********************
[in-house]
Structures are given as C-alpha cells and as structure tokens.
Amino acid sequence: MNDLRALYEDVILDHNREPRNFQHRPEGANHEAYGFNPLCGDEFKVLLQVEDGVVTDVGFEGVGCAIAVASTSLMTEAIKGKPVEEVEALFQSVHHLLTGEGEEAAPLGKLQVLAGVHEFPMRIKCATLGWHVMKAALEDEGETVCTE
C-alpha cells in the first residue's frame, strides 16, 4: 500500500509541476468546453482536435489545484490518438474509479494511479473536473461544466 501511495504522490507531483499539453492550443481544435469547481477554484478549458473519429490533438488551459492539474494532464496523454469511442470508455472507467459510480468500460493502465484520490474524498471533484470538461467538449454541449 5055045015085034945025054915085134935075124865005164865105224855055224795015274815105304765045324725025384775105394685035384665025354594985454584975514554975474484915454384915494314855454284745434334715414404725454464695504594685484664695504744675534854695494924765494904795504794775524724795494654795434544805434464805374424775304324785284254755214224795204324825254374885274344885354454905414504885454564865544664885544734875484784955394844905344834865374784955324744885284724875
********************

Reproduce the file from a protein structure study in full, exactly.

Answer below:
[in-house]
Structures are given as C-alpha cells and as structure tokens.
Amino acid sequence: MNDLRALYEDVILDHNREPRNFQHRPEGANHEAYGFNPLCGDEFKVLLQVEDGVVTDVGFEGVGCAIAVASTSLMTEAIKGKPVEEVEALFQSVHHLLTGEGEEAAPLGKLQVLAGVHEFPMRIKCATLGWHVMKAALEDEGETVCTE
C-alpha cells in the first residue's frame, strides 16, 4: 500500500509541476468546453482536435489545484490518438474509479494511479473536473461544466 501511495504522490507531483499539453492550443481544435469547481477554484478549458473519429490533438488551459492539474494532464496523454469511442470508455472507467459510480468500460493502465484520490474524498471533484470538461467538449454541449 5055045015085034945025054915085134935075124865005164865105224855055224795015274815105304765045324725025384775105394685035384665025354594985454584975514554975474484915454384915494314855454284745434334715414404725454464695504594685484664695504744675534854695494924765494904795504794775524724795494654795434544805434464805374424775304324785284254755214224795204324825254374885274344885354454905414504885454564865544664885544734875484784955394844905344834865374784955324744885284724875